Rabbi Yehuda ‘Yudi’ Dukes dies of Covid

He spent nearly ten months in hospital before his death on Thursday


Rabbi Yehuda ‘Yudi’ Dukes, who spent months in a coma with Covid-19 and served as a beacon of hope during his near 10-month hospital stay, died on Thursday aged 39.
The American father-of-six was the managing director of Chabad Lubavitch-based Jewish learning platform JNet. He was first admitted to NYU Langone Medical Center in March 2020, where he was intubated and put on a ventilator.
His was widely considered to be one of the longest coronavirus-related hospitalisations in the United States.
Rabbi Dukes’ wife, musician and counsellor Sarah Spangenthal Dukes, documented the family’s struggle and resilience on her Facebook page. Her candid, deeply emotional posts inspired a flood of support from around the world, including a campaign that raised over $500,000 for the family and a letter from New York governor Andrew Cuomo.
On Thursday night, she wrote: “Baruch dayan haemes.
“Blessed is the true Judge. Yudi is safe. He is protected. You have carried him straight to the highest heights.
“We will see you again, Yudi. We love you.”
Chabad confirmed the news in a statement which read: “The worldwide family of Chabad Lubavitch emissaries is heartbroken by the passing of our dear, beloved colleague.
“Yudi, as he was known by all of us, fought a courageous and difficult battle since being hospitalized with Covid-19 in March.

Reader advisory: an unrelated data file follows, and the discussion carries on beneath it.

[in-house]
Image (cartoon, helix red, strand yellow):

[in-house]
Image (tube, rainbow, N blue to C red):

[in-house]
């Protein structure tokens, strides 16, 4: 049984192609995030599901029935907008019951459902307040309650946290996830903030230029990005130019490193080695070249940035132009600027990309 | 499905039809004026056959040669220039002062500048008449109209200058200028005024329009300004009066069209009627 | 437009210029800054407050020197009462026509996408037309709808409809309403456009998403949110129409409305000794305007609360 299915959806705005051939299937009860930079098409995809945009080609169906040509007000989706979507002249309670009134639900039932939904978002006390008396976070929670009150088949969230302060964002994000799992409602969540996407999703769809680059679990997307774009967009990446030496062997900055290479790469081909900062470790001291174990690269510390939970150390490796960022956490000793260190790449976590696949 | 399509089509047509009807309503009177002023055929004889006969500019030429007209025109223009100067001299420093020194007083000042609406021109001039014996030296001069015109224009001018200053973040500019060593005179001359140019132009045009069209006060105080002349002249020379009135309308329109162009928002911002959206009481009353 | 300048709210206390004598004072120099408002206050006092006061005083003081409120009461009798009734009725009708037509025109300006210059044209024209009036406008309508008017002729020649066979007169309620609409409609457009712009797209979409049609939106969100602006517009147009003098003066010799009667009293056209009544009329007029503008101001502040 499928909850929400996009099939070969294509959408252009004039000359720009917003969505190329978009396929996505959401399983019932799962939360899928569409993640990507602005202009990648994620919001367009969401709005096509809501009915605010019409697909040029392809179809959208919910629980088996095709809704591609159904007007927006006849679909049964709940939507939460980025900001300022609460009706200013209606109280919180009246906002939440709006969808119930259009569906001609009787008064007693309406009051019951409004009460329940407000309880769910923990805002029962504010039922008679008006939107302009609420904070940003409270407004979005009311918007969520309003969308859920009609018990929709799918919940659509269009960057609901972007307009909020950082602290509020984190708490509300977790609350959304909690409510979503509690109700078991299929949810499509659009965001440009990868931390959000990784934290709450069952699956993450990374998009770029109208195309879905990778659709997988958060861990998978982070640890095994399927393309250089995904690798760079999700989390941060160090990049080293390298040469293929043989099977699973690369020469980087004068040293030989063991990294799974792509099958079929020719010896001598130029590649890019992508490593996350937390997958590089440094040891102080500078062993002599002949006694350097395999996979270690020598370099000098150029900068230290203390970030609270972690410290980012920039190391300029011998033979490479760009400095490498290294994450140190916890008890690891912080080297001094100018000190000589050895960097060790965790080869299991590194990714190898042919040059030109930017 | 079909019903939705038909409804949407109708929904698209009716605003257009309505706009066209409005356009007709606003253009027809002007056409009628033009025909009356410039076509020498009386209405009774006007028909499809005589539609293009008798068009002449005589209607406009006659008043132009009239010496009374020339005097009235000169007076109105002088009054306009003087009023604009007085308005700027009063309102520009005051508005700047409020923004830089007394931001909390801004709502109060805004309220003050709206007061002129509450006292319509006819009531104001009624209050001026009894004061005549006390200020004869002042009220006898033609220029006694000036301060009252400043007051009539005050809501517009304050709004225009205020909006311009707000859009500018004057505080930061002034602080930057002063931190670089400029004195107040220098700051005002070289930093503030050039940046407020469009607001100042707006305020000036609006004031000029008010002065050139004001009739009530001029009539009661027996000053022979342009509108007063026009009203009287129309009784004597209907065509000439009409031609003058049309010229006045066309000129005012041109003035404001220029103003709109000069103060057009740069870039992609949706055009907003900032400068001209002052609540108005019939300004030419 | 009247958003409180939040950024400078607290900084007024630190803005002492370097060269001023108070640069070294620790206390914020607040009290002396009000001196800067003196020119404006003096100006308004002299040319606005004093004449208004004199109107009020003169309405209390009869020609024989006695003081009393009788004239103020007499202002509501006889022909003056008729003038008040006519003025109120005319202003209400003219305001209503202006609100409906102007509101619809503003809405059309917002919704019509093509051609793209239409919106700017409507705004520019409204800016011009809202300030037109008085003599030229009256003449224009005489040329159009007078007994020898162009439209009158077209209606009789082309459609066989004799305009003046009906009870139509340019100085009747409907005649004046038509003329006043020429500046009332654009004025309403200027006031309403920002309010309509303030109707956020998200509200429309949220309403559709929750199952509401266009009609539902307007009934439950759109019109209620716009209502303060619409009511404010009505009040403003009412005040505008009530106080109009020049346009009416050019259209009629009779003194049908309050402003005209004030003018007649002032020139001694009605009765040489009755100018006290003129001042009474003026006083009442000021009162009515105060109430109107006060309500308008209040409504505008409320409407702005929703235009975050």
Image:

“Our hearts go out to Sarah and their children. May Yudi’s legacy bring solace and comfort to the grieving family, colleagues and countless people who’ve been impacted by his journey.”

On the Shabbat preceding his March intubation, Rabbi Dukes recorded separate blessings for each of his six children. Mrs Spangenthal Dukes said he “struggled with every word and breath.”

He spent 158 days in the ICU before he was transferred to Rusk-NYU’s rehabilitation centre in September. Five of his six children were able to visit him and receive blessings for Rosh Hashanah, some 25 weeks after all but one had last seen their father.
In November, Mrs Spangenthal Dukes was elated to report her husband had returned home, and posted a moving video showing the rabbi embracing his children after he was wheeled out of an ambulance on a stretcher.
But their celebrations were short-lived. Rabbi Dukes was admitted to Cornell hospital the next day, where over several months he suffered multiple complications and setbacks including a hepatic haemorrhage, compression fractures, and damage to his liver. Mrs Spangenthal Dukes was told repeatedly he could only have hours to live, and often referred to his progress as a ‘miracle’.
Rabbi Dukes and his wife had been looking forward to getting married again once he was released from hospital. As Mrs Spangenthal Dukes explained in an update, they needed a new ketuba after adding “Chaim” to her husband’s Hebrew name. In December, the rabbi surprised her with a new ring to replace one she was devastated to have lost after 15 years of marriage.
The eternally positive rabbi told Chabad in August he felt he and his wife had been “picked by G-d for this special experience, and that this is how we can contribute right now.”
Even from his hospital bed, he said: “The truth is that I can do many meaningful things. I record weekly Torah messages that get sent to thousands of people.

“I know that those messages uplift others, and I know that sharing my story can inspire others to have this same perspective.

“Instead of spreading a virus, I can spread goodness.”


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